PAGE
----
Its use is dropping even more quickly among young adults, with 20.9 per cent in the 16 to 24 age group using cannabis in the previous year, compared with 28 per cent in 1998.

The fall comes as the Government considers reversing the controversial downgrading of cannabis from a class B to a class C substance in 2004. Warnings have grown that stronger strains of the drug, such as "skunk", are circulating and that the mental health of heavy cannabis users could be jeopardised.

Martin Barnes, the chief executive of the charity DrugScope, said: "It is interesting and encouraging we've seen this downward trend in cannabis use. Given all the controversy over its reclassification, the fact that it has continued to fall has surprised some of the critics of the move.

"One of the results of the reclassification was a lot of debate about the harms cannabis can cause."

Use of class A drugs has remained largely unchanged since the start of the decade, after increases in the late 1990s largely caused by cocaine's growing popularity.

The British Crime Survey (BCS), which compiled figures for 2006-07, which it released yesterday, found slight increases in cocaine and ecstasy use, with falls in numbers of people taking LSD or magic mushrooms. The level of heroin abuse remained unchanged. However, the numbers taking amyl nitrites, known as "poppers", or sniffing glue rose since last year.

For the first time the survey asked about the use of the hallucinogen ketamine, nicknamed "special K" and mainly found on the club and rave scene. It found 0.3 per cent admitting taking it in the previous year, including 0.8 per cent of those in the 16-24 age group.

The BCS found the highest level of overall drug abuse in the South-west, with 11.1 per cent in the region saying they had taken an illegal substance in the past year. Levels of class A use were highest in the North-east (4.1 per cent) and North-west (4 per cent).

Other figures released by the Home Office disclosed that 161,100 drug seizures took place in 2005, up 50 per cent on the previous year. The increase was caused by a surge of cannabis seizures to 114,200, with 70 tonnes of herbal and resin cannabis and 208,000 plants confiscated. There were also 38,600 seizures of Class A drugs, up 31 per cent on the previous 12 months.

More than one-third of the population, about 11.3 million people, admitted using drugs at some point in their lives, including 4.4 million who have abused class A substances.

Vernon Coaker, a Home Office minister, said: "We are not complacent and know there is still a lot of work to do in tackling drug misuse, especially cocaine."

APRIL 3rd 2008
Once again, confusion is being sown in the political world by pressure groups and emotional people with sons who have been damaged by Cannabis. They wish to use the Classification System to 'send messages' to young people. Nothing could be more of a mistake. It is this misuse of the Classification System that caused a problem in the first place. Uisng laws to send messages is usually a mistake unless there is at the same time a real and proper relationship between the legal consequences and the outcome for society. If the legal consequences in practice are neither corrective or redemptive and designed only to send a message to others, it is vital that the message sent is very, very effective. In the case of Cannabis, the use of prison sentences for possession is  counterpoductive. There are many other highly effective ways of enforcing the view that smoking Cannabis is completely unacceptable and will not be tolerated in public or in employement. There are also other ways of punishing those who trade in or introduce Cannabis smoking to young people. Playing around frivolously with the classification system is to be avoided at all costs.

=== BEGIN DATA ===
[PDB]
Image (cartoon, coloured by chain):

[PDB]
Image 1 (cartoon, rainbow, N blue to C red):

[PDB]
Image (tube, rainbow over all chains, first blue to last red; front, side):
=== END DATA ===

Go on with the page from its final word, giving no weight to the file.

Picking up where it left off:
If Cannabis offenders were to be detained in centres suitably designed and run for their treatment, where drugs were non-existent, instead of in prisons from which they are destined to emerge as dealers having entered as users, then the law could deal with this matter. Cannabis is a very dangerous drug, In its mild version it is insidious and very dangerous for that reason, in the strong skunk version more obviously damaging. As a class C drug its use illegal. Moving it to Class B will only serve to give the message that Class C is not a serious classification. That is a really crazy thing to do, typical of modern UK thinking in some circles. It devalues language and law and smacks of boiled frog syndrome. I am amazed that Gordon Brown does not understand this.

MAY 7th 2008
The government has decided to ignore one of the 21 recommendations of its professional advisors and reclassify Cannabis to class B. This is a pointless and confusing action which will achieve nothing positive.

MARCH 28 2010
Much though I agreed with Professor Nutt that using the classification system to 'send messages' rather than use it according to the criteria on which it was established and the use for which it was designed, I was entirely with the Secretary of State for Health in expecting his resignation after his fatuous remarks about it being less dangerous than horse-riding. Once the reclassification to class B had been done because of the damage to society rather than the level of danger to each and every user, it clearly had to remain. For him to complain of political interference in scientific judgement is absurd - that is what politicians are for, when the public effects of applying reason to unreasoning citizenry has insupportable results.

Now, Professor Nutt, speaking as an independent expert, has shown himself to be completely out of touch with reality by advocating the supply of Methodrone to all clubs where young people are in search of a stimulant. In a way I am relieved to know that my original opinion of him was right. Decriminalisation of individual drug users is not equivalent to advocating any use at all of these drugs, all of which should be discouraged with forceful measures.

OCTOBER 4th 2010
Now at last, since we are putting people in jail for drug use, it is recognised that it is there they must be treated.

The Charity RAPT has been doing good work in prisons for nearly 20 years. In the last decade it's success and achievements have become established. Now at last it seems public recognition may lead to an expansion of its services.

Before 'Prison' can 'work', there has to be a way to convert them from colleges of crime and drug dealing to a place where it is understood we truly do have a 'captive audience' who can be inspired and changed with the right instruction.

In 1991 RAPt started as the Addicted Diseases Trust when Peter Bond, a recovering alcoholic, observed the success of abstinence-based programmes in the United States. He, Jonathan Wallace and RAPt trustee Michael Meakin, set up a charity to meet the needs of drug addicts in UK prisons. Jonathan passed on only recently. You can read the history here:
and here is the story today in The Independent